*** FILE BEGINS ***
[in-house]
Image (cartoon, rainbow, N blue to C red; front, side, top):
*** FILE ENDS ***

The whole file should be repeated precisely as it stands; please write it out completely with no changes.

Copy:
[in-house]
Image (cartoon, rainbow, N blue to C red; front, side, top):